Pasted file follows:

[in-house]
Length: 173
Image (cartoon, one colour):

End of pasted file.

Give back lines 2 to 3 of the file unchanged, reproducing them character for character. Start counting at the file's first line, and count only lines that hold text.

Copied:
Length: 173
Image (cartoon, one colour):